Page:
It's hard to establish rules with a child who has lived in many different environments. It's hard to establish your role as parent when your new child detests having help from others. But this was just as it was for Nastia. Been there/done that. It's just not that fun - or easy even if you've been down that road before. I'll be glad to be home so we can really establish a routine and I can more easily encourage her reliance on me. for now it is a 24/7 test of wills and power play.

More when I can. The little blonde tornado of energy is out of the bathroom.

Getting my daily Latvian lesson from M at our favorite cafe.


  1. Anonymous11:18 AM

    Glad to hear your adoption of Matilda is going well -- and so so so sorry to hear that Nastya's so unwell. Is there any chance you can:

    1) fly her to Riga to spend the rest of the month with you and M?


    2) get a doctor's note to Nastia's school, explaining she is sick (depressed) so that she will not have any more unexcused absences and thus be able to graduate on time?

    Praying for all of you guys!!


    1. Thanks VS. Nastia didnt want to fly over (scared) but I am working on your #2!!!

  2. That must be so difficult, my heart goes out to you. Keep the faith.

  3. I would love to hear someday how exactly you deal with the challenging behaviors- you really seem like an old hand at this. Sorry Nastia's taking it so hard.

    1. Hoonew, I'll try to post about that tonight! If she sleeps for me!

  4. VS said what I was going to--to a t!

    I hope, I KNOW, it will all be easier soon.

    So glad you're posting! Once you're home, I'd love to hear more about adoption by a single mama from Latvia.

  5. Is there any way Nastia could be doing her school work at home until you get back? Just so she doesn't get too behind?

  6. Callout to anyone that is also sponsoring one of Keri's girls that has aged out! I am unable to send Ksusha her funds this month - Western Union has "blocked" me (from either my end, or her end, I'm not sure). It has nothing to do with my accounts - all of the bank/card accounts I use are just fine. I'm getting the run around from WU that they have blocked me for "security reasons," and that I can go into a WU office to be interviewed (?!). I was reading up on this, it looks like people who send repeated funds overseas can be flagged for fraud, then the WU folks shake you down in their office and STILL block you. I don't know what to do -- hopefully find another solution (would MoneyGram work there?). If anyone has any suggestions - please post ideas here, or if you are another sponsor, please get my email address from Keri, maybe we can figure something out (it's okay, Keri, I just didn't want to give out my email here in the same breath as "sending money" and all that). THANKS!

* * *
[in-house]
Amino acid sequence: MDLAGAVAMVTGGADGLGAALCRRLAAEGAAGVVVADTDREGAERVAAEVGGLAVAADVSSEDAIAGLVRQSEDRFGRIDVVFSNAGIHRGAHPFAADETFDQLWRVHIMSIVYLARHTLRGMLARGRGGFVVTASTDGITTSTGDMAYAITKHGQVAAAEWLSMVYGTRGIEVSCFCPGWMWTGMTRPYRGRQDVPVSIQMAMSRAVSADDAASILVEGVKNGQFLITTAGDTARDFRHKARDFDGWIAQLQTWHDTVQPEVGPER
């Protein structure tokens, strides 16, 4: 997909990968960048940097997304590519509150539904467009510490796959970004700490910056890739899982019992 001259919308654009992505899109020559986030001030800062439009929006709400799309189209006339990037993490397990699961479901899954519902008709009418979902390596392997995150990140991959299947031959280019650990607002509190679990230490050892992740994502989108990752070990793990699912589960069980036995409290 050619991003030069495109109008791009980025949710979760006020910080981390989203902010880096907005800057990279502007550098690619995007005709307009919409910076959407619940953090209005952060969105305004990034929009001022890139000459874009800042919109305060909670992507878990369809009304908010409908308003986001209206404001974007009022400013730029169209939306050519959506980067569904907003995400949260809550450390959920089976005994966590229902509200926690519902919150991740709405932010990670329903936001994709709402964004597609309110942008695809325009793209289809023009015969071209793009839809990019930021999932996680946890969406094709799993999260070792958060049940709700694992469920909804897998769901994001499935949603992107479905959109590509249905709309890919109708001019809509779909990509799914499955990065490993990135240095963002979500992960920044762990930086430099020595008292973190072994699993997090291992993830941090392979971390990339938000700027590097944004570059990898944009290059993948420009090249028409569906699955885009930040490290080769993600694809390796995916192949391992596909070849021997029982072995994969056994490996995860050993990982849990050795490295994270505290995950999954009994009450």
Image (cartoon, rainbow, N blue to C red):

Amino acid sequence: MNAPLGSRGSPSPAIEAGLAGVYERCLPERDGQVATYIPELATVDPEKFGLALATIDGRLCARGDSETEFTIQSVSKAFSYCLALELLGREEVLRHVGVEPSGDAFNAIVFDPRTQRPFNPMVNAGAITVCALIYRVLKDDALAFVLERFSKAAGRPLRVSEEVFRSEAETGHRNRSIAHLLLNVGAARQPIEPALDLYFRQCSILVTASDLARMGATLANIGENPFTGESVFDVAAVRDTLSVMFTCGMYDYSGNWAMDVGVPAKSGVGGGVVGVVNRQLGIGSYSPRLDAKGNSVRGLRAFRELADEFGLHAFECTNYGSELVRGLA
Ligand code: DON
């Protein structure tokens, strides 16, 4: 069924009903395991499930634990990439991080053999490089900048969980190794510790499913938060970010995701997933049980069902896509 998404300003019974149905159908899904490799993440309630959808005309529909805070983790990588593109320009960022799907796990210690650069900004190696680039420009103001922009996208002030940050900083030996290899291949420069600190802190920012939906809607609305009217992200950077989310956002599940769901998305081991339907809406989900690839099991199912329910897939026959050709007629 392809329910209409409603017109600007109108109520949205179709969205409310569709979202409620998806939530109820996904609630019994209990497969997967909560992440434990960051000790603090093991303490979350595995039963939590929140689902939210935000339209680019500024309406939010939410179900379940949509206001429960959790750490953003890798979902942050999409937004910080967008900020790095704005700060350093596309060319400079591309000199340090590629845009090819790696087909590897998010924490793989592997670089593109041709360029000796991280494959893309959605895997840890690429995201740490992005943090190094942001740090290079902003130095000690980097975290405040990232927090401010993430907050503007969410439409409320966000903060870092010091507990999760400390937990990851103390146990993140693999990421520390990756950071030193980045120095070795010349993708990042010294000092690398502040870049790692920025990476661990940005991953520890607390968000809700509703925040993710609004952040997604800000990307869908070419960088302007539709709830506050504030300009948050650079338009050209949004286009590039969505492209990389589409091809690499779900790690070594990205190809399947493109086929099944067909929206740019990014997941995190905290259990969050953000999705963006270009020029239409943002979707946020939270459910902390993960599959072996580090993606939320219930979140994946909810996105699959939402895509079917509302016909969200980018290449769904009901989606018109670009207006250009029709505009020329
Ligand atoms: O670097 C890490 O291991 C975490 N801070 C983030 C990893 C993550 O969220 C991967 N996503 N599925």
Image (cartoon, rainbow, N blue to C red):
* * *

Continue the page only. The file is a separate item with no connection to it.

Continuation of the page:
7. Goodness.... You are such a wonderful mom and all of this must have really taken a toll (no wonder you got sick!) It is a shame Nastia didn't just go with you; oh, yes' that's one more reason to love homeschooling. I didn't get a sense, on FB, of how this turned out, but I'm also wondering if the whole idea of graduating is just way too much for her - especially as a person that perhaps even subconsciously she may see as a "replacement" is arriving. I might not have thought of that, but Aidan was graduating from high school just as we adopted Sergei - my first-born, solidly attached, emotionally balanced son - and he said HE couldn't help seeing Sergei as replacing him....